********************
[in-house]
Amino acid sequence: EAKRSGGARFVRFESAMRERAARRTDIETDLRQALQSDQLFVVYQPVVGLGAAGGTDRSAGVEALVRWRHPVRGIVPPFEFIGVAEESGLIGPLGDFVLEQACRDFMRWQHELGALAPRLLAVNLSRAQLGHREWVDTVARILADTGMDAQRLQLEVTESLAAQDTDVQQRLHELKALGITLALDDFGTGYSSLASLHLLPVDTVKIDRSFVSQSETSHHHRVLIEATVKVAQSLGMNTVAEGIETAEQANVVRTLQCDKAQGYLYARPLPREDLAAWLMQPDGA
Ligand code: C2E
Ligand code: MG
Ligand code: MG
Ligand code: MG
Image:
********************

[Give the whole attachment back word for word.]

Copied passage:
[in-house]
Amino acid sequence: EAKRSGGARFVRFESAMRERAARRTDIETDLRQALQSDQLFVVYQPVVGLGAAGGTDRSAGVEALVRWRHPVRGIVPPFEFIGVAEESGLIGPLGDFVLEQACRDFMRWQHELGALAPRLLAVNLSRAQLGHREWVDTVARILADTGMDAQRLQLEVTESLAAQDTDVQQRLHELKALGITLALDDFGTGYSSLASLHLLPVDTVKIDRSFVSQSETSHHHRVLIEATVKVAQSLGMNTVAEGIETAEQANVVRTLQCDKAQGYLYARPLPREDLAAWLMQPDGA
Ligand code: C2E
Ligand code: MG
Ligand code: MG
Ligand code: MG
Image: